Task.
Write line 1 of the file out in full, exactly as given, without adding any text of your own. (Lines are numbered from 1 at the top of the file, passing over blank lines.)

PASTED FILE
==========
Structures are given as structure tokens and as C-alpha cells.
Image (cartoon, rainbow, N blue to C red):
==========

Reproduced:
Structures are given as structure tokens and as C-alpha cells.